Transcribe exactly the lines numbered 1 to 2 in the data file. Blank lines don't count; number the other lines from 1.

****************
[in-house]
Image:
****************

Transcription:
[in-house]
Image: